That said, the recipe didn't come together quite as I had expected. The first step was easy enough -- I made a sort of caramelized syrup from sugar, honey, water, and fresh lemon juice. Heat this over the stove until it has condensed into a thick syrup, and then stick it in the refrigerator to chill until the rest of the cake is prepared.
The cake itself proved less easy; I combined the traditional cake ingredients -- flour, sugar, and baking powder, and added in cinnamon and cloves. Since this is a lenten recipe, it doesn't have eggs, so instead a combination of olive oil, orange juice, and brandy mixed with baking soda make up for the liquid ingredients.
Next in are chopped walnuts, bread crumbs, and orange zest (actually I used clementine zest -- that counts, right?), and then pour the batter into a spring form pan.
There was nowhere near enough batter to fill the pan to a normal level -- I only had about an inch of batter at the bottom of the pan.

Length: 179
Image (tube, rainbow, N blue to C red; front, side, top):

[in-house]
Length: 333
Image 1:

I cooked it for about half the time the recipe called for -- 30 minutes -- and it was definitely ready to be taken out by then. My syrup hadn't really chilled in that amount of time, so I couldn't really pour it over the cake. I scraped it out of the bowl and onto the cake in a sort of unkempt fashion.
The apricot topping is just apricot jam melted over the stove with a little bit of water, and then poured over the entire cake.
This is delicious, but also incredibly difficult to eat. The layer of syrup underneath the apricot made a sticky hard mess that is difficult to cut and gets stuck in your teeth. Delicious, yes, but next time I might leave that layer out.
lemon -- $.69
walnuts -- $2.97
apricot jelly -- $3.50
Total Cost of Karydopita Nistisimi: $7.17
($.90 per serving)